Professor Geneva Skeen will present at “CEE 50: A Hybrid Symposium Celebrating the Canadian Electronic Ensemble’s History & Legacy” on October 8 in Carnegie Mellon University’s Frank-Ratchye STUDIO for Creative Inquiry.
In the mid-20th century, pioneering composer Maryanne Amacher developed a series of electronic works she called City Links using FM-quality Bell Labs telephone cabling to transport sound from multiple locations across the country to one space, performance, or tape. Amacher called it ‘long distance music,’ and contributed to her conviction of imaginative worlds made possible by all forms of telecommunication—frequencies unseen in source but felt in body, a world grounded in the ear with horizons expanded as far as the phone lines could take us.
In this presentation, Skeen traces the lines that have been picked up where Amacher left off—a 21st century blitz of networked connectivity, undersea fiber-optic cabling, and an infinitely expanding “field” of virtual and physical worlds to listen in on, record, and mix. High-quality audio can now be live-streamed from practically anywhere in the world, provided access to network technology and proximity to a cell-tower.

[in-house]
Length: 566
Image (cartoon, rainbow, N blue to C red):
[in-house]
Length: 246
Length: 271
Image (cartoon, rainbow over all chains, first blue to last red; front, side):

With an acknowledgment to the early telephone operators (mostly women), who were known as ‘speech weavers’, the art of telecommunications has always required an ear for mixing sound and signal. Using examples ranging from ‘phone phreaks’ and the (non)comedian thrash metal sound collagist Longmont Potion Castle to phonophilic electronic artists such as Lori Napoleon and Aura Satz, to Kamau Patton’s porous, interdisciplinary, Afrofuturist media work Tel and Chloe Alexandra Thompson’s interactive online instrument/performance Haptic Paradigm, Skeen imagines a future in which rich sonic collaboration and composition takes place anywhere, any time, any world.